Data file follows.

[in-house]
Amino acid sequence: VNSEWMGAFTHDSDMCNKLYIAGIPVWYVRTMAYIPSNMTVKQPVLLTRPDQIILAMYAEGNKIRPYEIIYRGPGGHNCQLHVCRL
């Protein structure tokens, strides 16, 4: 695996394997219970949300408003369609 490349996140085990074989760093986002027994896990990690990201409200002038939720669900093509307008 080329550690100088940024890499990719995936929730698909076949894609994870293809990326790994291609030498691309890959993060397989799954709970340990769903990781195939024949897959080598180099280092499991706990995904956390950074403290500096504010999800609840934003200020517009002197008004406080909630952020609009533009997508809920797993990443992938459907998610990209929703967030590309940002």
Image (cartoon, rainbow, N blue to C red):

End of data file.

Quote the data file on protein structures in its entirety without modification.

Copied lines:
[in-house]
Amino acid sequence: VNSEWMGAFTHDSDMCNKLYIAGIPVWYVRTMAYIPSNMTVKQPVLLTRPDQIILAMYAEGNKIRPYEIIYRGPGGHNCQLHVCRL
């Protein structure tokens, strides 16, 4: 695996394997219970949300408003369609 490349996140085990074989760093986002027994896990990690990201409200002038939720669900093509307008 080329550690100088940024890499990719995936929730698909076949894609994870293809990326790994291609030498691309890959993060397989799954709970340990769903990781195939024949897959080598180099280092499991706990995904956390950074403290500096504010999800609840934003200020517009002197008004406080909630952020609009533009997508809920797993990443992938459907998610990209929703967030590309940002």
Image (cartoon, rainbow, N blue to C red):